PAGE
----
Premier Jason Kenney says the province's supply of the COVID-19 vaccine will run out a week from now, "unless we get a huge surprise shipment."
On Monday, he said Alberta's health system has stepped up, but all provinces have to depend on the federal government to procure and distribute more doses.
"Alberta's capacity to give people the jab will soon outstrip available vaccine supplies and we are doing everything humanly possible to roll out these life-saving vaccines as quickly as they arrive," Kenney said.
The province is expecting 677,000 doses of the Pfizer-BioNtech and Moderna vaccines by the end of March, but Kenney said Alberta's capacity to administer the vaccine at that point "will far outstrip the incoming supply."
So far, the province has distributed 46,791 doses of the Pfizer and Moderna vaccines to staff and residents in long-term care and supportive living senior homes, home care workers, respiratory therapists, and health workers in ICUs, emergency departments and COVID-19 units.
Kenney said vaccines will be offered to all long-term and supportive living facilities in Alberta by the week of Jan. 18. He said the province is taking steps daily "to improve our vaccine campaign and expand eligibility."
By the end of January, Kenney said the province will be able to administer 50,000 doses of the COVID-19 vaccine per week through partnerships with community pharmacies.
On Monday, the province also expanded eligibility for the COVID-19 vaccine to include Alberta's paramedics and emergency medical technicians (EMTs). Previously, these health professions were not included in the first phase of the COVID-19 vaccine distribution. The news was welcomed by the Alberta Paramedics Association during the update, and the association thanked the province for listening to their concerns and acting on them.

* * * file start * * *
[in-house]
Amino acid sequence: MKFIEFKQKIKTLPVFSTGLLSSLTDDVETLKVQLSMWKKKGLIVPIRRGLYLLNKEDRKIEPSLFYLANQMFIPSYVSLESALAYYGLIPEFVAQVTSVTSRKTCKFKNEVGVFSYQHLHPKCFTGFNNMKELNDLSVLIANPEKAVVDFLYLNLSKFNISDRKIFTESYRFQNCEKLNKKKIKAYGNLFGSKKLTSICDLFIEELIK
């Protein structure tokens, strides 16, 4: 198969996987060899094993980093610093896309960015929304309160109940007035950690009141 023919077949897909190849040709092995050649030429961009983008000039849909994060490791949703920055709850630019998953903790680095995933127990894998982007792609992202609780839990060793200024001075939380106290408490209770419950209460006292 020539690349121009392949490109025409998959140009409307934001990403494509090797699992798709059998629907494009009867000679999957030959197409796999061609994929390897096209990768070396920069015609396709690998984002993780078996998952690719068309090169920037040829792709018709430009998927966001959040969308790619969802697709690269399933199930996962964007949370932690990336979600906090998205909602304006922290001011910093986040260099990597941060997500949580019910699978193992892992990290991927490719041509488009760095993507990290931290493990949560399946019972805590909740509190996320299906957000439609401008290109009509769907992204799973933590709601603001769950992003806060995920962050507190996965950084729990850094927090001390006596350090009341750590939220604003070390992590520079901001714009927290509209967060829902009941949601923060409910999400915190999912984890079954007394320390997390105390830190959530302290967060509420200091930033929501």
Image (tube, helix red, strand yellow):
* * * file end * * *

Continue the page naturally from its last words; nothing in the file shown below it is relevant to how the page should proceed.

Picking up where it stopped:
"They are a vital component of our COVID response, and I know that all paramedics are working day-in and day-out to keep Albertans safe," said Minister of Health Tyler Shandro. "This expansion of eligibility is important as we ramp up our efforts to get as many doses in the arms of health care workers as well as vulnerable Albertans as possible."
Out of nearly 50,000 doses administered, seven people have reported having adverse effects, three of whom reported an allergic reaction. The effects "aren't necessarily caused by the vaccine," said Dr. Deena Hinshaw, Alberta's chief medical officer of health, who encouraged people to report any reactions to the immunization.
"What we have seen so far is consistent with what was reported in the vaccine trials. It is common to see side effects like fever or muscle aches after a vaccine, and this is a sign the immune system is working to build antibodies. I believe the benefits of vaccines far outweigh any risks, and this vaccine will save lives."
Alberta reported 639 new cases of COVID-19 on Monday with 23 more deaths. The testing positivity rate was 6.1 per cent. The province currently has 13,917 active cases of the virus, with 811 people in hospital. Of those, 130 people are receiving treatment in ICU.
Kenney said his government's approach has been to use restrictions "as a last and limited measure because we do recognize the damaging impact that they have," but the province had to introduce mandatory measures to reduce overall social contact and curb surging COVID-19 case counts.
He said the province will be looking over the data once numbers stabilized from the dip in testing over the Christmas holidays, and will be coming back to look at restrictions in the coming weeks.
Hinshaw said the best way to be able to open up businesses again is "for all of us to work together to bring our numbers down."